Tuesday, July 21, 2015

You Want Me To Do What?

Arise — go! Sell all you possess. Give it directly, personally to the poor. Take up My cross (their cross) and follow Me, going to the poor, being poor, being one with them, one with Me.
Little — be always little! Be simple, poor, childlike.
Preach the Gospel with your life — without compromise! Listen to the Spirit. He will lead you.
Go into the marketplace and stay with Me. Pray, fast. Pray always, fast.
Be hidden. Be a light to your neighbour’s feet. Go without fear into the depth of men’s hearts. I shall be with you.
Pray always. I will be your rest.
The Little Mandate of Madonna House

Go without fear into the depth of men’s hearts. I shall be with you. Our weekly journey through the Little Mandate of MH, the core words we believe God gave our foundress Catherine as the guiding spirit of our community, is winding to a close.

These sentences of the mandate were the ones above all that, when I first joined MH, seemed like essentially a dead letter to me. Go… where? And without what… fear? Why? How? For what good purpose? Mind you, I was 22 years old when I became an applicant here, and somehow not too many people want a socially awkward, barely out of high school young man blundering around in the depths of their hearts. I would have just broken something in there, which come to think of it was more or less of a leitmotif of my early years in the apostolate.

And ‘I will be with you’… well, Jesus, since you’re in there already how’s about I just let you handle it, then! And so it was, with only the most mild and moderate growth in the matter for the longest time, for the first ten to fifteen years in the community. In the meantime, though, and this is the important thing, this line was working on me in a way that was most necessary for my being able to live it in any meaningful way.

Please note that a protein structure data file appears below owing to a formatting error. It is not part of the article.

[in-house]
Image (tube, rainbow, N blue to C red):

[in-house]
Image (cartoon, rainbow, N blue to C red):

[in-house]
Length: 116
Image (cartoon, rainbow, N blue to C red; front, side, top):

Namely this line pushed me to go into the depths of my own heart in a consistent, deep, and often very painful way for the longest time. The long work of coming to know myself, what was going on inside me, and what I needed to do and be to be healed and freed to love and serve God and neighbour. And this was what was needed—we cannot go into the hearts of other people if we have not dwelt at some depth in our own hearts, confronted to some degree at least our own darkness, brokenness, sin. And come to know that, miracle of miracles, He is with us there and has been with us there all along.

When Catherine De Hueck received the Little Mandate in the 1930s, she had already been forced deeply into her own heart of suffering and darkness by her life experience. Her painful marriage, the horrors of war, the nightmare of the revolution, exile, starvation, being a stranger in a strange land—all of this had pushed her at a very young age deeply into the depths of her own being. And it was through all of that pain and suffering that her faith, always strong, grew to its fullness.

So as a young woman in her late 30s she was well prepared to receive this word of the Lord, and in fact had been living it for some years, as hear large and loving heart was a refuge and consolation for many people already at that time.

And this is how it is in life: we have to go through the things we have to go through—it is utterly different for each person—and out of this come to be able to console others in what they are going through. We are pushed into the depths of our own hearts, meet Jesus there, and then have the capacity in this to accompany others into the depths of their own hearts so that they can meet Jesus there, too. Mostly by just listening and praying, praying and listening, occasionally offering a word of advice or two. But mostly, listening.

What I am describing is so much the daily work of a seasoned member of MH, so much what we are really doing while we are doing all the humble ordinary tasks of our daily life. In Combermere it is the hidden fabric of the place, and in our mission houses the constant work, whatever else they are doing.

And of course, 25 years later, as a priest in this community, I am simply more and more given over to my daily work being precisely here in this line of the mandate that, when I joined the apostolate, seemed to be utterly beyond me and completely irrelevant to my life and capacities. Our God is an awesome God.

The beautiful thing we learn in this is that Jesus really is with us, in our own hearts and in our efforts to love and serve others in the depths of their hearts. And that the simple act of listening to a person with profound respect, praying with them in a spirit of faith, and blessing them is powerful beyond measure. We don’t have to solve people’s problems—most people know what they are supposed to do, I have found—but the very act of listening and loving helps give people the clarity and the courage to do what it is they need to do next. It is light to our neighbours’ feet, and it is the deep work of this apostolate, a work that has benefited thousands of people over the years.

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